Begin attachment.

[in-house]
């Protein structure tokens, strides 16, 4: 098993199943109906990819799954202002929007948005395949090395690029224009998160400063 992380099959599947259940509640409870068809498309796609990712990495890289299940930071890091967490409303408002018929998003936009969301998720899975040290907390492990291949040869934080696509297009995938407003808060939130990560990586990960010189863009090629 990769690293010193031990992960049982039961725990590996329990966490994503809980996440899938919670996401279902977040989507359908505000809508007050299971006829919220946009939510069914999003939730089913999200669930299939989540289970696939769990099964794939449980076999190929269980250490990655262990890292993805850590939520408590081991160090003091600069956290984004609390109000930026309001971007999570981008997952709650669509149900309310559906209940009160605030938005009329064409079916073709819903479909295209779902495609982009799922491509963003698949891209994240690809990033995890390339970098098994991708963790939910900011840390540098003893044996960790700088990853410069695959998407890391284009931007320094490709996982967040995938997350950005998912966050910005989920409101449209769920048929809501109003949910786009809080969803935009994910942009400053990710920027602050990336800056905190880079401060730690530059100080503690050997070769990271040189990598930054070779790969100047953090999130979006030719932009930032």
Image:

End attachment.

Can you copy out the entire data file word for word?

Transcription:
[in-house]
């Protein structure tokens, strides 16, 4: 098993199943109906990819799954202002929007948005395949090395690029224009998160400063 992380099959599947259940509640409870068809498309796609990712990495890289299940930071890091967490409303408002018929998003936009969301998720899975040290907390492990291949040869934080696509297009995938407003808060939130990560990586990960010189863009090629 990769690293010193031990992960049982039961725990590996329990966490994503809980996440899938919670996401279902977040989507359908505000809508007050299971006829919220946009939510069914999003939730089913999200669930299939989540289970696939769990099964794939449980076999190929269980250490990655262990890292993805850590939520408590081991160090003091600069956290984004609390109000930026309001971007999570981008997952709650669509149900309310559906209940009160605030938005009329064409079916073709819903479909295209779902495609982009799922491509963003698949891209994240690809990033995890390339970098098994991708963790939910900011840390540098003893044996960790700088990853410069695959998407890391284009931007320094490709996982967040995938997350950005998912966050910005989920409101449209769920048929809501109003949910786009809080969803935009994910942009400053990710920027602050990336800056905190880079401060730690530059100080503690050997070769990271040189990598930054070779790969100047953090999130979006030719932009930032």
Image: